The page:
She has an MBA from Sydney’s University of Technology and is currently studying for her Masters in Organisational Change from Melbourne Business School.
One day, she will retire to the country, write dirty novels and make jam.
Jennifer McSpadden will speak at the 2018 Women in Media national conference.
Caroline Graham has worked as a newspaper reporter and magazine writer.
She is now an award-winning journalism lecturer at Bond University where she specialises in narrative non-fiction, creative writing, entrepreneurial storytelling and data-driven investigative reporting.
In 2018, she and co-author/co-producer Kylie Stevenson released a six-part true crime podcast series with The Australian. ‘Lost in Larrimah’ is the story of a dying town, a missing man and 11 people who mostly hate each other.
Graham is also the co-author of Writing Feature Stories: How to research and write articles, from listicles to longform and publishes both fiction and creative non-fiction.
Caroline Graham will run a workshop at the 2018 Women in Media national conference.
LJ Loch is CEO of Alpha Consult, chair of NOW Australia, and convenor of Women in Media NSW.
She works with organisations, businesses and individuals to shape and protect their reputation and does so in an ethical and effective way.
Loch loves to make a difference.
LJ Loch will speak at the 2018 Women in Media national conference.
Corporate and Industry Leader
Marina Go is a non-executive director of a number of ASX-listed, private, not-for-profit and sports boards.
She is Chair of the Wests Tigers NRL Club and Juggle Street, a director of Energy Australia, Autosports Group, 7-Eleven, Pro-Pac, Ovarian Cancer Australia and The Walkley Foundation, Chair of the Advisory Board of the Centre For Media Transition at the University of Technology Sydney, and author of the business book for women, Break Through: 20 Success Strategies for Female Leaders.
Go was previously GM and Country CEO of Hearst Australia at Bauer Media. Boss Magazine named her as one of 20 True Leaders of 2016.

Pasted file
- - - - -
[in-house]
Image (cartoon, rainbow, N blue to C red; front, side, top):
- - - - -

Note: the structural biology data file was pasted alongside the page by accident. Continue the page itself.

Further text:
She has more than 25 years of leadership experience in the media industry, having started her career as a journalist. She has an MBA from The Australian Graduate School of Management, UNSW and a BA (Mass Communications) from Macquarie University.
Marina Go will speak at the 2018 Women in Media national conference.
Presenter and company director
Jillian Whiting is a familiar face on Queensland television, with more than 25 years’ experience as a journalist, newsreader and TV presenter with the Seven and Nine networks.
She has also been a regular presenter on local radio and contributor to News Corp papers.
Whiting is a partner and director of communication agency Media Potential, a Brisbane based company which specialises in media and presentation skills and television presenting courses.
She is currently a presenter on Channel Seven’s local lifestyle program The Great Day Out and a member of the Queensland Women in Media Committee.
Jillian Whiting will moderate a panel at the 2018 Women in Media national conference.
Communication and Media Expert
Professor Jeff Brand is a career academic in the discipline of communication and media with expertise in quantitative research, an intellectual interest in policy for the digital economy, and leadership experience in tertiary governance.
His research generates empirical evidence of the behaviours, attitudes and demographics of media audiences.